RSL report card: Real's attack struggles against resolute L.A. Galaxy
Jae C. Hong, Associated Press
Ratings are 1-10 and represent a general sense of each player's performance.
Nick Rimando, 8, had a strange but effective game. He was forced to deal with Landon Donovan on the counter once and did well, and he spectacularly saved a penalty right at the death. His mentality was again excellent, saving the penalty after taking a kick upside the head when it was probably easier to just give up on the play. But for a bounce off the post that ended in a goal, he’d have a clean sheet to his name.
Tony Beltran, 6.5, was good but relatively untested on the right flank. His passing wasn’t top-notch — or perhaps quite at his standard — but he did work toward some creative play that could have helped. It’s not that it’s the thought that counts, but attempting to be creative deserves recognition, even if a deep L.A. Galaxy back line was stymieing in the second half.
Nat Borchers, 7, won four interceptions and recovered the ball in good positions; there wasn’t much he or the back line in general could do about the goal.
Chris Schuler, 7, picked up play in strong spots and pushed the ball forward to the midfield well.
Chris Wingert, 6.5, was an important connective piece, as he usually is, but wasn’t spectacular.
Kyle Beckerman, 8, was probably the most important attacking player on the night, which says some interesting things about RSL’s play in general. Given that he took more shots than any of his teammates, there should be questions about RSL's play, but he was quite good.
John Stertzer, 6.5, had another solid start but faded a bit as the match wore on. He was substituted out for the equally ineffective Luke Mulholland, but two shots from the previously unknown-quantity Stertzer were enough to give hope for the future.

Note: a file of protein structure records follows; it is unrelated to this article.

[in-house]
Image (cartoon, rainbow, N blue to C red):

Luis Gil, 6, came out at the half for Ned Grabavoy, but it wasn’t for having a poor match. He will want to get into a better shooting rhythm, but he played a good midfield role when the Galaxy afforded him space.
Javier Morales, 7.5, was everywhere, creative and controlled. His role, in which he plays essentially across the attacking third between the forwards and the deeper midfield players, is important, and few players are capable of the control he exhibits.
Devon Sandoval, 5, didn’t take a single shot, complete a key pass, or do much inside the box aside from pass back outside it. It was not his best match by some distance, and he’ll want to improve on it.
Joao Plata, 6.5, had some exciting moments of attack and managed a few shots. On another day, maybe he'd score one of those and it would be an entirely different story being written.
Ned Grabavoy, 6.5, came into the match as L.A. Galaxy shifted in strategy. While he wasn’t decisive, he played about where we’d expect him to play week-in, week-out.
Luke Mulholland, 5, was anything but the exciting player we saw at the beginning of the season. His play was excessively deep in the midfield, his movement was generally lacking, and he never really throated.
Olmes Garcia, 5, failed to really get into the match, despite general pushing in attack from Jeff Cassar’s side.
Matt Montgomery is the managing editor of RSL Soapbox. Contact him at firstname.lastname@example.org.
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